Offshore account information and John Doe summonses

Chad Silver

Chad Silver

Managing Partner of Silver Tax Group, author of the book "Stop the IRS". Practicing a variety of tax issues, regulations, laws and rights. Specializing exclusively on tax matters involving IRS audits, negotiation, settlements & compromises.

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On behalf of Silver Tax Group posted in Back Taxes on Thursday, February 2, 2017.

The IRS has at its disposal a large number of options for pursing offshore account information. For example, there was a recent federal court action that allowed for the IRS to serve a John Doe summons to access offshore account information tied to debit cards. The IRS uses such a tool to access information that could possibly reveal violations of tax laws.

Federal authorities view the federal court ruling as a victory. “This action will help ensure that pre-paid cards aren’t being inappropriately used to repatriate hidden income and avoid taxes,” said one IRS commissioner. This is all a part of IRS efforts to prevent taxpayers from evading federal tax laws through the use of offshore accounts.

This is not the first time that a federal court authorized this sort of action. Another federal court allowed the U.S. Justice Department to issue eight John Doe summonses related to a particular bank. This is all a part of a crack down on what officials feel is tax evasion.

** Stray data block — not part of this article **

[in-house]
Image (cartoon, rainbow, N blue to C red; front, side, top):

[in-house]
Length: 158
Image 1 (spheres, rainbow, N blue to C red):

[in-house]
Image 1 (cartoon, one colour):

Offshore account information requires proper reporting. It is also important to remember that federal laws and regulations pertaining to offshore account reporting are extremely complex. When you have questions regarding reporting requirements, it is important to not make assumptions. It often takes experienced legal representation to find the correct answers to your inquiries.

Michigan account holders can no longer conclude that offshore account information will remain private. Unfortunately, the reporting requirements can be so confusing that mistakes will happen, and the inability to keep track of requirements could lead to significant consequences. Besides criminal penalties, this may include seizure of assets and finances.

Compliance is therefore absolutely essential.

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